When I stopped burning anthracite, I went to a pellet stove to have the same less job as anthracite : one hour to enter the full heating season bags, no wood chores...steady heat and all but even the pellet stove can't compare to the anthracite burning.
Just my opinion from experiences and believe me I made a lot...just go to Coal Pail forum to Nortcan and see. What I say I do it.
 
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bholler

Chimney sweep
Staff member
Jan 14, 2014
24,000
central pa
Anyway, nothing compare to the long and STEADY anthracite burning. Wood stove manufacturers can write : burn times up to 25, and more but for most peoples, the severe conditions appliy to get long burn times like : kind of wood (the amount and weight of wood contained per cubic foot of firebox volume can vary from 10 to 25 lbs. per cubic foot depending of type of wood, packing density...) wood humidity, temperature in the house, temperature on top of the stove after 5, 6 10, 12 ....25 hours with the same load, time and work involved from starting with coal after a long burn time to the back to coal ...and owner's manuals advise that long time burning tend to promote the accumulation of creosote... .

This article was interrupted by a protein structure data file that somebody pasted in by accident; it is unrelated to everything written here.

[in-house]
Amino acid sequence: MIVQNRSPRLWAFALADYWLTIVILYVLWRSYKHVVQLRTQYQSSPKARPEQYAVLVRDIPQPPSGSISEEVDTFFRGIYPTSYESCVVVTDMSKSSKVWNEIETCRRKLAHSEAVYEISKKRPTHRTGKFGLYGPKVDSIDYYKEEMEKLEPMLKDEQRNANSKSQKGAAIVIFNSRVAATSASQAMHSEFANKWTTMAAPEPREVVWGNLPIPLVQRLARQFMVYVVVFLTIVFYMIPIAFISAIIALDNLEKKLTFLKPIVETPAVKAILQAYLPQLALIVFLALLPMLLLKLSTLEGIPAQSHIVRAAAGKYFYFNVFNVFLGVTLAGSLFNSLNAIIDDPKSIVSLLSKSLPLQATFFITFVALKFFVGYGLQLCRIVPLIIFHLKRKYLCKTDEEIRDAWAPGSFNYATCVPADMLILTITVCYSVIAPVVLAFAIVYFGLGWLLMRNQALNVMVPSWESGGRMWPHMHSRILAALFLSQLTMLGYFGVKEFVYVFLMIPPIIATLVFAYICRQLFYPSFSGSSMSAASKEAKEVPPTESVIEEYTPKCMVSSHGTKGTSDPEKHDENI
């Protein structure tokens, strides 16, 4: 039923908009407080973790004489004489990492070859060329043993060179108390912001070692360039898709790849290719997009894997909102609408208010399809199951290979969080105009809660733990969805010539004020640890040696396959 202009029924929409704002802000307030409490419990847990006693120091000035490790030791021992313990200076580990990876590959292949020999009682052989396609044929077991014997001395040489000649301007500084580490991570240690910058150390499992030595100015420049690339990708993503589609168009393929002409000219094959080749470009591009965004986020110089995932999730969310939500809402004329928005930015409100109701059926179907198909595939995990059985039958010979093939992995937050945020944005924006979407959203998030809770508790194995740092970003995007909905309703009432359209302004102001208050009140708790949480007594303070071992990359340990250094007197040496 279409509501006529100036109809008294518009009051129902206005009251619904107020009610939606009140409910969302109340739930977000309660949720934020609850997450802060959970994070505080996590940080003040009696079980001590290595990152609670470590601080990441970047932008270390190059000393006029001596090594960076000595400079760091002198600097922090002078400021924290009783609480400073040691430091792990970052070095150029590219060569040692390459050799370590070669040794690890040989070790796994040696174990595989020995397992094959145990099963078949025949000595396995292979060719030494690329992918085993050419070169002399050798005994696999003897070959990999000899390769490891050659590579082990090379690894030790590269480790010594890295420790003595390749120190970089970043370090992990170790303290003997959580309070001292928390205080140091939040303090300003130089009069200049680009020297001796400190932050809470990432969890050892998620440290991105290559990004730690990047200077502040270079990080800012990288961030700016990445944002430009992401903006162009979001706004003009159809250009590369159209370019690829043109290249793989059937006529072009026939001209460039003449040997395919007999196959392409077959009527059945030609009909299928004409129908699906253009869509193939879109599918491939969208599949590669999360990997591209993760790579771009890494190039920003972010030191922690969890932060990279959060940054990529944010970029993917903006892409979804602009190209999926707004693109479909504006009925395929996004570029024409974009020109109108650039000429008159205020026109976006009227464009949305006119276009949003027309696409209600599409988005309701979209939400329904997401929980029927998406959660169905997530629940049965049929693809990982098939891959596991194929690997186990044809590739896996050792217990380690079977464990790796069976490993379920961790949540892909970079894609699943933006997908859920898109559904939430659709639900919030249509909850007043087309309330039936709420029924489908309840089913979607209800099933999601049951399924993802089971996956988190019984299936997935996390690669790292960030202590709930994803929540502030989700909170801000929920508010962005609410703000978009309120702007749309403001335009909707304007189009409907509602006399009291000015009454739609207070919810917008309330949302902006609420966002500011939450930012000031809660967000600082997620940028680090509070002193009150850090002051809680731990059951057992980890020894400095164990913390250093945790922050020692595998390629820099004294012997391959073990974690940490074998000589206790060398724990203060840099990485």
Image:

If someone is honest, has burned anthracte corectly he can't deny all the advantages of anthracite burning. I don't say anthracite is perfect but very different from wood burning.
When I stopped burning anthracite, I went to a pellet stove to have the same less job as anthracite : one hour to enter the full heating season bags, no wood chores...steady heat and all but even the pellet stove can't compare to the anthracite burning.
Just my opinion from experiences and believe me I made a lot...just go to Coal Pail forum to Nortcan and see. What I say I do it.